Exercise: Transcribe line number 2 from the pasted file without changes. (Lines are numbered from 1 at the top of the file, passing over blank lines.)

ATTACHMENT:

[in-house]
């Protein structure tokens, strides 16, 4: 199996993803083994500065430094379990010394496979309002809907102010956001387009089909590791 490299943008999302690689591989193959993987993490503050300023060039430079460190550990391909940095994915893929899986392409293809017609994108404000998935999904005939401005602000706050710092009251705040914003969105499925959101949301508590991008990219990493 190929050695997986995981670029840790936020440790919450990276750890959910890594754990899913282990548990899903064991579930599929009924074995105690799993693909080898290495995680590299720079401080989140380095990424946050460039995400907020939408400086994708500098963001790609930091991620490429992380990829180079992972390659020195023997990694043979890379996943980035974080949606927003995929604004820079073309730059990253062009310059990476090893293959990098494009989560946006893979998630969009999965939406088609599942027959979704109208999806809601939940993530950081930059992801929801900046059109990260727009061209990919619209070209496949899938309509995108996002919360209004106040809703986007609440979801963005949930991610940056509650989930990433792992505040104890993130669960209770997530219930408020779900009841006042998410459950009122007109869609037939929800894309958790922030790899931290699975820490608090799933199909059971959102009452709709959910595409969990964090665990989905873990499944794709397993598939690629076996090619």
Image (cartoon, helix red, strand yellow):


């Protein structure tokens, strides 16, 4: 199996993803083994500065430094379990010394496979309002809907102010956001387009089909590791 490299943008999302690689591989193959993987993490503050300023060039430079460190550990391909940095994915893929899986392409293809017609994108404000998935999904005939401005602000706050710092009251705040914003969105499925959101949301508590991008990219990493 190929050695997986995981670029840790936020440790919450990276750890959910890594754990899913282990548990899903064991579930599929009924074995105690799993693909080898290495995680590299720079401080989140380095990424946050460039995400907020939408400086994708500098963001790609930091991620490429992380990829180079992972390659020195023997990694043979890379996943980035974080949606927003995929604004820079073309730059990253062009310059990476090893293959990098494009989560946006893979998630969009999965939406088609599942027959979704109208999806809601939940993530950081930059992801929801900046059109990260727009061209990919619209070209496949899938309509995108996002919360209004106040809703986007609440979801963005949930991610940056509650989930990433792992505040104890993130669960209770997530219930408020779900009841006042998410459950009122007109869609037939929800894309958790922030790899931290699975820490608090799933199909059971959102009452709709959910595409969990964090665990989905873990499944794709397993598939690629076996090619």